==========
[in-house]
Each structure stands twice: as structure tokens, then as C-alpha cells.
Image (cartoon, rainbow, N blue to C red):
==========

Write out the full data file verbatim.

[in-house]
Each structure stands twice: as structure tokens, then as C-alpha cells.
Image (cartoon, rainbow, N blue to C red):